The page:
Tuesday, 19 July 2022

Justitia (Justice Lady

                                Justitia (Lady Justice)

The Lady Justice, the symbol akin to the Legal System, its significance is deliberated in this article with an overview on justice, nyaya and Mother and Child symbol of Supreme Court of India.

        The origin may be Themis, a Greek mythological goddess, who advised Zeus after his purge of the old pantheon. A daughter of Themis and Zeus, Dike, known as a goddess of justice but not divine justice, presided over the apportionment of things among mortals, the protection of individuals and the social and political order. At times, Dike is said to be the same as Astraea. Astraea is also a daughter of Themis and Zeus and and is known as a goddess of justice. In western tradition, Lady Justice sometimes wears and carries a sword and scales. She symbolises the fair and equal administration of the law, without corruption, avarice, prejudice, or favour.

What Does She Look Like?

The Lady Justice statue is usually in the form of a woman who is standing or sitting. She is typically dressed in a toga-like robe, maybe barefoot, and her hair is either flowing over her shoulders or braided in a bun or around her head. She holds a balance, or two-tray scale in one hand and a sword in the other; usually the scales are in the left hand and the sword in the right, but this is not always so. Sometimes, she also wears a blindfold over her eyes.

The Symbols of Justice

Balance Scales: These represent impartiality and the obligation of the law (through its representatives) to weigh the evidence presented to the court. Each side of a legal case needs to be looked at and comparisons made as justice is done.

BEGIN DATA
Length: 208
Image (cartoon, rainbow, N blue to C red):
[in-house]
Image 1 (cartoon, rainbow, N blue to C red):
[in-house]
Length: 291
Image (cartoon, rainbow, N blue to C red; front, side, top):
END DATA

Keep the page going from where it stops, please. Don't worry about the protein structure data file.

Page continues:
Sword: This item symbolizes enforcement and respect, and means that justice stands by its decision and ruling, and is able to take action. The fact that the sword is unsheathed and very visible is a sign that justice is transparent and is not an implement of fear. A double-edged blade signifies that justice can rule against either of the parties once the evidence has been perused, and it is bound to enforce the ruling as well as protect or defend the innocent party.

 Blindfold: This first appeared on a Lady Justice statue in the 16th century, and has been used intermittently since then. Apparently, its original significance was that the judicial system was tolerating abuse or ignorance of aspects of the law. However, in modern times, the blindfold represents the impartiality and objectivity of the law and that it doesn’t let outside factors, such as politics, wealth or fame, influence its decisions.

                 Because the meanings in each token are unstable – having the capability to change when juxtaposed with one another, creating a combined effect or exhibiting an interaction – it is important to understand how metonymic tokens work. The metonymic token can advance the critic’s reading of a polysemic text in that each whole artifact constructed of parts will consist of multiple meanings within those parts that can distinctively stand alone. Each part in itself also expands hermeneutic depth. For example, after analyzing the metonymic tokens above, notice how this approach adds precision, texture, and cultural insight to our understanding of the blindfold, appealing to the impartiality of justice to some, but also stoicism and the need for a rational society to others. We have seen also how the scales are used as a grand metaphor for an empirically driven tool that combats skepticism and the sword that forms a “double-edged” meaning that indicates a dual requirement for justice in society. These readings apart from each other – but also integrated in Justitia – show the usefulness of the metonymic token, a concept that helps us to make sense of an artifact or message that we are confronted with in our daily lives. By also expanding to the hermeneutics of MTI, we were able to make sense of interacting metonymic tokens, which have opened doors to new ways of parsing visual rhetoric.

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